So let us backtrack to Eastland, Texas, on 20 October 1926, Bill’s date of birth. He was a strong, healthy baby which gave him a good start towards being the outdoor, athletic type he turned out to be. Bill received his elementary education in Sulphur Springs, Texas, and El Dorado, Arkansas. His high school education was at Haynesville, Louisiana, where in recognition of good grades and citizenship he was elected a member of the National Honor Society.

In forecast of football exploits at West Point, Bill was a much respected terror on high school football fields. He made All-State two years and All-Southern one year playing the position of end. Let us look briefly at excerpts from newspaper accounts of games in which he played, for courage and determination were as evident then as thev were to be years later playing for higher stakes in Korea:

“…Kellum is a scrapper from whistle to gun…his fine competitive spirit is an inspiration to his teammates… in spite of the fact that opposing coaches have had their linemen double up on the lanky wingman. He has been a standout in every game with his jarring tackles, precision blocking, and fancy pass catching ……

Of course, football was not Bill’s onIy avocation. He was greatly interested in scouting, an interest which may have been given impetus by the action of a Boy Scout who saved him from death from gasoline fumes at the age of four by administering artificial respiration. Bill was also an active member of the First Baptist Church. Another sporting interest, swimming, he turned to profitable use as he served as manager and life guard of the Haynesville City Pool during high school days.

Bill was close to his family in growing up. He and his brother, Herman, now a doctor, were inseparable. In the one letter he was able to write home from prison camp, Bill’s primary concern was not for his own situation, but rather for news of Herman’s first child. In Bill’s words,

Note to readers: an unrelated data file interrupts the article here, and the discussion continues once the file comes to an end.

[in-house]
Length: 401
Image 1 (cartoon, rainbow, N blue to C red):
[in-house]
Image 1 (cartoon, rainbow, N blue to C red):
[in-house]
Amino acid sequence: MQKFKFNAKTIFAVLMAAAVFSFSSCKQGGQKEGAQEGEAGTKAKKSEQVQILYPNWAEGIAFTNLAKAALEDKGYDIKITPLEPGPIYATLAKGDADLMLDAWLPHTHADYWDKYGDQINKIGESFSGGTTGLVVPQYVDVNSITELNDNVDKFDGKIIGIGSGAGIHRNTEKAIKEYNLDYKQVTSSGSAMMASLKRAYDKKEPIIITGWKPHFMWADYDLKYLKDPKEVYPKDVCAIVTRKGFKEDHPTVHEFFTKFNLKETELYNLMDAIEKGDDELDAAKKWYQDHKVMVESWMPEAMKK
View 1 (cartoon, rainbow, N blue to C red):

“…Have been thinking about (the family) a lot and have wondered greatly about the new addition to the family …. Let the kid know about his Uncle Bill.”

Bill’s favorite fishing partner was his father who continually encouraged him in his athletic and career ambitions. Bill was close to and always considerate of his mother, never failing in the years he was away from home to call her on special occasions. His only and younger sister, Beth, was the recipient of much advice as well as special concern and protection. An age difference of 12 years was no barrier between Bill and his younger brother, Joe, whose active approach to life was so similar to Bill’s.

Thus did William H. Kellum’s full boyhood prepare him for the responsibilities of manhood.

Upon finishing high school, Bill served five months in the US Navy in the closing months of World War II. While in the Navy, he won a “golden gloves” championship, evidence of his interest and competence in the “manly art of self-defense,” an interest which was to bring further laurels at West Point.